As millions of Americans stayed home for much of 2020 due to the pandemic, roadways were mostly uncongested with vehicle traffic. Safety experts hoped that would translate into fewer motor vehicle fatalities and one of the few bright spots in an extremely challenging year.
However, the faint hope for a silver lining disappeared when the National Safety Council (NSC) announced that traffic deaths rose significantly in 2020 compared to 2019. The reason? The NSC says too many drivers thought emptier streets meant they could drive faster.
National statistics illustrate a spike in the highway death rate
The NSC analysis of the previous year highlights an abnormal rise in traffic deaths. The key takeaways were:
- 42,060 people died in crashes for an 8% increase in fatalities
- Vehicle miles traveled by motorists declined by 13%
- When taking those two factors into account, the death rate jumped by 24%
The 24% spike in fatalities is the highest since the NSC started measuring traffic deaths in 1924.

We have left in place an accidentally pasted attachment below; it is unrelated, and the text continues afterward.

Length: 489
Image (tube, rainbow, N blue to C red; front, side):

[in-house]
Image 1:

The Keystone State also saw a rise in 2020 highway fatalities
The Pennsylvania Department of Transportation (PennDOT) recently released information on traffic deaths for 2020. The data shows:
- The state also saw an increase in fatalities – 1,129 in 2020 compared to 1,059 in 2019
- The rise amounts to a 6% increase
- 2019 saw the lowest number of fatalities, and 2020 was the second-lowest
- Highway traffic declined by 20% in 2020
Speeding and other risky behavior blamed
The NSC says vehicle speeds increased by an average of 35% to 40% in urban areas across the U.S. in 2020 due to the extra room on the highway. In data taken from police stations across the country, the group says:
- Arrests for speeding and reckless driving spiked nationwide
- Large numbers of crash victims were under the influence of alcohol or drugs
- Fewer victims wore their seat belts than in previous years
PennDOT did not specify a reason for increased highway deaths in the state. The agency pointed out that fatalities are still trending downward overall, but more work is needed to make state highways safer for everyone.